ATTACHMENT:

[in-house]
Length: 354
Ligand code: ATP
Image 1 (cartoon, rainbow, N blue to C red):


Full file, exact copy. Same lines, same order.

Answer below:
[in-house]
Length: 354
Ligand code: ATP
Image 1 (cartoon, rainbow, N blue to C red):